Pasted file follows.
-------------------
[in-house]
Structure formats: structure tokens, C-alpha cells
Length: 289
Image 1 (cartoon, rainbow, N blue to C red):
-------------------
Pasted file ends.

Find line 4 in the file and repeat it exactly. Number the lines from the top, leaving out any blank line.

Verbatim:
Image 1 (cartoon, rainbow, N blue to C red):